Young talented performers vie for a spot on first day of ChildAid concert auditions

Emily Ho, 11, Primary 5: Dance, Sing, Emcee
Emily Ho, 11, Primary 5: Dance, Sing, EmceeST PHOTO: LIM YAOHUI
Yumi Chung, 10, from Hong Kong: Dance and Sing
Yumi Chung, 10, from Hong Kong: Dance and SingST PHOTO: LIM YAOHUI
Andrea Joy Koh Rui Qi, 8, Primary 2: Emcee and acting
Andrea Joy Koh Rui Qi, 8, Primary 2: Emcee and actingST PHOTO: LIM YAOHUI
Amanda Mok, 11, Primary 5, performing a lyrical dance at the ChildAid audition.
Amanda Mok, 11, Primary 5, performing a lyrical dance at the ChildAid audition.ST PHOTO: LIM YAOHUI

SINGAPORE - More than 100 young talented performers are vying for a spot in this year's ChildAid, an annual charity concert held jointly by The Straits Times and The Business Times.

In front of a seven-member judging panel, many young people impressed as they sang, danced, acted and performed instrumental pieces of their own choosing on the first day of the auditions for ChildAid on Friday (June 23).

Held at the Kids Performing Academy of the Arts in Suntec City Mall, the auditions will continue on Saturday.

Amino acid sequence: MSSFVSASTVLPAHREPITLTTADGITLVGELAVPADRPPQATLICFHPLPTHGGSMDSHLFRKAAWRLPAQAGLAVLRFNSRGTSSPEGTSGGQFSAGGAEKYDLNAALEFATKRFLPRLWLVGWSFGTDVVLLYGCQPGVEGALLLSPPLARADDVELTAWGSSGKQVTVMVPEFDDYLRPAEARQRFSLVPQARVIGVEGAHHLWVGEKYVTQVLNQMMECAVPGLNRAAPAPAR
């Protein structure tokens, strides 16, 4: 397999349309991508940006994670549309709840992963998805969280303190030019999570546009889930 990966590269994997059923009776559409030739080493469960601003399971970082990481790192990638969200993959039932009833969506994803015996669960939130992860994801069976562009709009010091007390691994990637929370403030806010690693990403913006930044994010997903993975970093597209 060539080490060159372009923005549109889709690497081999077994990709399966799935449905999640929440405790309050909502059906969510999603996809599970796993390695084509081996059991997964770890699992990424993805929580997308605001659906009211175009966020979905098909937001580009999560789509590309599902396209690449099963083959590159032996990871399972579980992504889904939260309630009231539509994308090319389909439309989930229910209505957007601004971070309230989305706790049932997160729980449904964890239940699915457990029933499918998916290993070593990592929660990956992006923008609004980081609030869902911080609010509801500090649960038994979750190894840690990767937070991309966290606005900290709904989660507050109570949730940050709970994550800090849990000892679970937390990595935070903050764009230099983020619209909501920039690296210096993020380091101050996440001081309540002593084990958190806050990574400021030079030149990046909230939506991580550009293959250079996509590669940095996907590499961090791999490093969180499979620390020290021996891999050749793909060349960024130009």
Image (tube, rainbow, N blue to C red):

Emily Ho, 11, a young dancer from Methodist Girls' School, was the first performer of the day. She performed a five-minute routine where she tried her hand at emceeing, singing and dancing to Electricity, a piece from the musical, Billy Elliot.

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"I was just focused on the dance during the performance…and I never would have thought that I made it through the first round and got shortlisted," she added gleefully after her audition.

Facing a judging panel which included the likes of the acclaimed local singer-songwriter Dick Lee and the first Campus Superstar winner Ng Chee Yang, some audition hopefuls were beset with nerves.

"I was a bit nervous, I didn't know Dick Lee would be here," said Ng Jiu Lin, 11, who performed an emcee routine for his audition.

Still, one of the contestants, Yumi Chung, 10, stood out for her composure and quiet confidence.

"I was actually excited before the audition and I'm quite confident of making it into the next round," the Hong Kong native added.

The ChildAid charity concert benefits The Straits Times Pocket Money Fund, which provides pocket money to children from low-income families, and The Business Times Budding Artists Fund, where children from financially disadvantaged families are given opportunities to explore the arts.

The 13th edition of the annual charity concert will be directed and produced by Lee and his team. Themed An Amazing, Awesome Asian Adventure, the concert will take the form of a musical and feature many well-known Asian songs.